What is human trafficking
Trafficking in human beings is:
enlisting, transporting, delivering, handing over, keeping closed or accepting a person with the use of:
- violence or threats,
- misrepresentation or exploitation of an error or inability to properly understand the action taken,
- abuse of the relationship of dependency, the use of a critical position or state of helplessness,
- granting or accepting a material or personal advantage or a promise of one to a person who carries out custody or supervision over another person
in order to:
- use, even with their consent, in particular in prostitution, pornography or other forms of sexual exploitation,
- in forced labour or services, in begging, slavery or other forms of abuse that degrade human dignity
- or to obtain cells, tissues or organs against the provisions of the Act.
NOTE! If the purpose of the perpetrator's action is to use a child (persons under the age of 18) in the manner specified above, such action constitutes trafficking in human beings, even if the above-mentioned methods or means have not been used.
Pursuant to the regulations in force in Poland, trafficking in human beings is a crime punishable by imprisonment from 3 to 15 years. Preparation for committing the crime of human trafficking is also punishable.
NOTE! Victims of trafficking in human beings are eligible for aid, regardless of their nationality and legal status.
ADDITIONAL CIRCUMSTANCES THAT COULD INDICATE TRAFFICKING IN HUMAN FOR FORCED LABOUR
If you worked in conditions inconsistent with the Polish Labour Code, i.e. inconsistent with the general principles, according to which:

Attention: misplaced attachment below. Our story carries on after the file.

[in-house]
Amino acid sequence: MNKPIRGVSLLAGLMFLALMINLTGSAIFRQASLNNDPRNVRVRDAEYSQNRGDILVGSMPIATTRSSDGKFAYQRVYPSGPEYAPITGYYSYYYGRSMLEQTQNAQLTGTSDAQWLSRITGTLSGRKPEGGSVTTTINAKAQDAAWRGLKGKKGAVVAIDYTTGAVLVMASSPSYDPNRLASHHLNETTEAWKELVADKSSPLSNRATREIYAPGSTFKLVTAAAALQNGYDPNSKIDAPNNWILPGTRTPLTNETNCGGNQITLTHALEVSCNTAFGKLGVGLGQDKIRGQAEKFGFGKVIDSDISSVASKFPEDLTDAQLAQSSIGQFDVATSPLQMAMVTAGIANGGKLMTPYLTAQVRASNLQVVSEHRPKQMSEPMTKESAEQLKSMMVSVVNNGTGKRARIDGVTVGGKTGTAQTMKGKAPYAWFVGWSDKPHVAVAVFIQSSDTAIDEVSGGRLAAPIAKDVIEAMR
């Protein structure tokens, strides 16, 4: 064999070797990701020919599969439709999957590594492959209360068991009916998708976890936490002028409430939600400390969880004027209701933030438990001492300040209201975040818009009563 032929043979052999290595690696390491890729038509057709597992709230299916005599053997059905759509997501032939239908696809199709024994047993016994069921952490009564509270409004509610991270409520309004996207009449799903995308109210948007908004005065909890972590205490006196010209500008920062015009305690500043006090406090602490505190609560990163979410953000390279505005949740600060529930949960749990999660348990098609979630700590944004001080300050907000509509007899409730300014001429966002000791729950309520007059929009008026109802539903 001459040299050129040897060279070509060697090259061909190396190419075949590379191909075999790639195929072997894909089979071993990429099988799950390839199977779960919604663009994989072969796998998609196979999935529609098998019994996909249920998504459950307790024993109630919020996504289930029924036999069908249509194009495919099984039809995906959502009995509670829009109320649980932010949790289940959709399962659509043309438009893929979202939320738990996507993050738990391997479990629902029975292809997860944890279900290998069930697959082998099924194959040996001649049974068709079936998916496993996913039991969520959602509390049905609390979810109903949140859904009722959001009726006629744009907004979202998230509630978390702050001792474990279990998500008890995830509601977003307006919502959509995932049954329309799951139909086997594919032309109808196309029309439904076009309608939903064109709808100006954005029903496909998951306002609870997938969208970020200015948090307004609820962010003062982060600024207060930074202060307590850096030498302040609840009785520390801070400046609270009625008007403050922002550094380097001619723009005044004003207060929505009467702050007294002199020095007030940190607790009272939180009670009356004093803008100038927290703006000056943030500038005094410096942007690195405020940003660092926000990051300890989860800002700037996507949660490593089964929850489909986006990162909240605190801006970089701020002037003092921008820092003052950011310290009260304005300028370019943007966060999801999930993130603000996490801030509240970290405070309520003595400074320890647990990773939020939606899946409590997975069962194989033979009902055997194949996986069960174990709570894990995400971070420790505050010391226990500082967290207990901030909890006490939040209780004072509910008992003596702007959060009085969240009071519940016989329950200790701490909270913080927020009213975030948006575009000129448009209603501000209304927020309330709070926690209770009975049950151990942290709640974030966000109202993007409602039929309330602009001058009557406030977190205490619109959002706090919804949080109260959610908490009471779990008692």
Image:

- the working time may not exceed 8 hours a day and an average of 40 hours in an average five-day working week in the assumed settlement period not exceeding 4 months;
- weekly working time, including overtime, may not exceed an average of 48 hours in the assumed settlement period;
- an employee is entitled to at least 11 hours of uninterrupted rest every 24 hours);
- the accommodation conditions provided by the employer did not meet basic standards of comfort and hygiene;
- people have been subjected to intimidation, physical violence, forced labour;
- you have performed work without a signed contract or the employment contract that you have been presented for signature was in a language you do not know;
- despite the performance of work, you do not receive the agreed remuneration or receive remuneration in a lower amount than it was agreed;
- you perform a different job than you were supposed to do
you may have become a victim of human trafficking.
Note: Remember that your agreement to the terms of employment does not exclude your employer's liability for illegal activity.